Monday, October 24, 2022

So Was that a D-sharp or an E-flat?

An interesting (at least to me) blog post on Why are D-sharp and E-flat considered to be two different notes

This confusion applies to all of the black keys, but in this post, I’ll be talking about the one between D and E. You could think of it as a raised D, in which case it’s called D-sharp. You could also think of it as a lowered E, in which case it’s called E-flat. Guitars don’t have black and white keys, so when I was a feral self-taught musician, I just thought of that note as the eleventh fret on the E string, the sixth fret on the A string, the first fret on the D string, etc. I pretty much always called it E-flat, regardless of context. I have since learned to use the correct name depending on context, but it still feels arbitrary sometimes, especially outside of diatonicism. If you are in B major, the note is supposed to be called D-sharp, and if you are in B-flat major, the note is supposed to be called E-flat. But what if you’re in A blues? How are you supposed to spell it then? And what difference does it make anyway?

The usual answer is that you are only supposed to use each letter name once in any given scale. All major scales are considered to be based on C major, and you are supposed to preserve the white keys’ names, modified by accidentals as needed. So for example, you spell the B major scale like so: B, C-sharp, D-sharp, E, F-sharp, G-sharp, A-sharp. If you were to spell it as B, D-flat, E-flat, E, G-flat, A-flat, B-flat, it would sound exactly the same, but it would be harder to read, and you would lose points on your music theory exam.

Maybe spelling B major using flats instead of sharps is hard to read in notation, but what musical difference does it make? In the present day, the answer is, none whatsoever. Five hundred years ago, however, it would have made a very big difference. Before the advent of temperament systems, D-sharp and E-flat were two different notes. They weren’t just written differently; they sounded different. You can compare the historical versions of these notes yourself in this track I made. . . .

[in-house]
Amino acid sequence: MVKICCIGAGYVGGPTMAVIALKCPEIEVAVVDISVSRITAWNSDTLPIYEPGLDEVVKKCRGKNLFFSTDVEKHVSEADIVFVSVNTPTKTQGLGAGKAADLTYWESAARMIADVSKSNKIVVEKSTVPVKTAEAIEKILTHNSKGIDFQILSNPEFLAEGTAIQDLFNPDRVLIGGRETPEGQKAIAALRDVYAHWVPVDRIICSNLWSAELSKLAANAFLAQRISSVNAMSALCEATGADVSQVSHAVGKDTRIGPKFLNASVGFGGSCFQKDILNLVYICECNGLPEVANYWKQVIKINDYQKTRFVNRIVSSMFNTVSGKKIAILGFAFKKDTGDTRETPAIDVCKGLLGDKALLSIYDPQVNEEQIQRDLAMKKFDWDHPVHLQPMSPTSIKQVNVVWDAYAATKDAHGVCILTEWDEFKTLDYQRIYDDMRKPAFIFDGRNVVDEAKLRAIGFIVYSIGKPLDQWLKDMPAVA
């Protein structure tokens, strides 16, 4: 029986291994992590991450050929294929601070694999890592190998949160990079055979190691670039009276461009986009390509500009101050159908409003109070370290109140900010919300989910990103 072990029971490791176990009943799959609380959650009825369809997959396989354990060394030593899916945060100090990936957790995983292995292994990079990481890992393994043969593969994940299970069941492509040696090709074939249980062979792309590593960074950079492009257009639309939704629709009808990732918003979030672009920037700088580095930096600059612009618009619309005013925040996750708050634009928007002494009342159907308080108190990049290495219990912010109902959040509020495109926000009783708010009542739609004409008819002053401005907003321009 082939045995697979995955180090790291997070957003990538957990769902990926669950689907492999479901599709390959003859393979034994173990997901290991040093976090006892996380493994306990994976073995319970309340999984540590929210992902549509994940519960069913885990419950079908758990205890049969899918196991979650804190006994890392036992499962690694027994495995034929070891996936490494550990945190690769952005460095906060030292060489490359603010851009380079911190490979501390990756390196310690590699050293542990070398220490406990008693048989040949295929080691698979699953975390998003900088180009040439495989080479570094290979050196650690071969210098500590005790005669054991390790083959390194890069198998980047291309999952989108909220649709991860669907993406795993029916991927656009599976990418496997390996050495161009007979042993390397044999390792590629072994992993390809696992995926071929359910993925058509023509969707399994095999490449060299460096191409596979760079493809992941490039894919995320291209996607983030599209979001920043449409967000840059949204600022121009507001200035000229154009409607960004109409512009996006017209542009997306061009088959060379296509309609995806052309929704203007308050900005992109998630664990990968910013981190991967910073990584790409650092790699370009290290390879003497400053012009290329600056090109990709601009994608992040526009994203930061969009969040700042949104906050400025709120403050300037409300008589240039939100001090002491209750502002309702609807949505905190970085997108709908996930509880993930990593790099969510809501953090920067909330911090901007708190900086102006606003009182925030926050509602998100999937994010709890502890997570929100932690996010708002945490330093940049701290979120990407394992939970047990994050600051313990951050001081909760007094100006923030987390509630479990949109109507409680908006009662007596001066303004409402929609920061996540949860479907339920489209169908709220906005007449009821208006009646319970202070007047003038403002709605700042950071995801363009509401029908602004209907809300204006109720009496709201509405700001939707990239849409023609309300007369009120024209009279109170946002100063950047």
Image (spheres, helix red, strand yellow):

And then goes into a rather long but somehow understandable (to a person who knows math well, but not music, so much) explanation as to why they really were different notes. But as he points out, it really doesn't matter so much to fretted instruments, where you can't really have two different notes. So I sent this   my personal musical assistant, Alex, and asked how this affected the guitar playing and he replied:
Well theoretically you can tune a guitar kind of mean tempered, and there are guitars with microtonal frets to play the difference between say c# and Db. But in actual practice, good players (I'd like to think I could) bend notes slightly all the time to make things more in tune on equal tempered guitar tunings. But sometimes if I'm recording something, i will mess with the tuning to get the 3rds more in tune, it works if you're playing something that stays in key and you don't do much other than open chords

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